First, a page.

16 Jun Create Ceramics Inspired by the Plant Kingdom with Michael Hamlin
Michael Hamlin is an award-winning ceramicist inspired by the natural world. His vases and bowls mimic flora and fauna of western North Carolina, fired multiple times to create, as the artist says, “a surface that is full of movement.”
We can’t wait for Michael to return this September for “Vessels,” a special weeklong and weekend clay class where students will explore making pottery inspired by organic forms. Our well-equipped clay studio and sprawling campus make the Folk School “a perfect setting for this class,” Michael says, and we couldn’t agree more. With our wooded walking trails, multiple gardens, and nearby creek, there are many natural wonders to discover. We can’t wait to see what his students create!
Learn more about Michael in our interview below. If you’re interested in his class, be sure to register today to secure your spot.
JCCFS: Tell us more about your upcoming Clay class, “Vessels” happening in September. Tell us about your class’s specific technique or process.
MH: In this class, we will be learning how to identify shapes in the plant world that intrigue us. We will draw out those shapes and sketch numerous ideas that will be abstractions of the original shapes. As a class, we will discuss what various techniques can be used to create those sketches into actual clay vessels.
JCCFS: What will folks learn and what can they expect to leave this class with?
MH: Students will leave the class with numerous glazed pieces. Students will know how to loosen up previously held beliefs and objectives to allow freedom of hand and mind so more organic ideas can develop and organic forms can be created from clay.
Michael’s finished vessels
Work from Michael’s previous Vessels class
JCCFS: Tell us a little more about yourself for those who are unfamiliar. How did you get started?
MH: I attended and graduated from Columbus College of Art and Design with a major in Ceramics. I’ve taught ceramics in workshops and art centers. My decades of working with clay and my desire to share my experience with others is what allows me to pass on the ‘How-to…’ knowledge through teaching.
JCCFS: What is your favorite aspect or part of the Folk School? What do you most look forward to when coming back to teach on our campus?
MH: I’m looking forward to the wonderful country setting the Folk School is in. I’m excited to walk on the paths through the wooded areas filled with native plants. This is done every time I walk from the dorm to the cafeteria to the classroom and back. It’s such a relaxing and refreshing experience.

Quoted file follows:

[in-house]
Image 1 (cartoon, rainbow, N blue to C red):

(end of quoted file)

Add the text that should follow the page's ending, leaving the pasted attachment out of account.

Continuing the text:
JCCFS: Where do you draw inspiration from in your work?
MH: My inspirations comes directly from the Plant Kingdom. Native plants growing in the Appalachian mountains and that are all around the Folk School are where my inspiration comes from. It is this reason the Folk School is such a perfect setting for this class.
JCCFS: What tips would you give a student or aspiring craftsperson? Anything you wish you had known earlier in your career?
MH: If any advice were asked of me on how to be a successful craftsperson, I’d say to discover what your personal aesthetic is and stick with it. Continue to learn through workshops and use that experience to add and enhance your aesthetic.
JCCFS: Where can folks find you if they want to stay up to date on your work?
One of Michael’s ceramics
Upcoming Class with Michael
September 3-10, 2023
Mother Nature is full of inspiration for the maker. Observe shapes and forms of plants, seeds, capsules, mushrooms, and more and sketch what you see. Use your drawings to create elegant, 3-D objects in clay using coil building, slab building, pinching, wheel work, or a combination of techniques. Intermediate students welcome. Note: materials fee may exceed $100. This is a week + weekend class, ending on Sunday, September 10.
About Michael Hamlin
Michael Hamlin is a multiple award-winning and internationally published ceramic artist whose work focuses on vases and bowls. Michael attended the Columbus College of Art and Design, and received a BFA with a major in Ceramics and Glaze Chemistry. Michael’s work has been featured in international publications and exhibitions.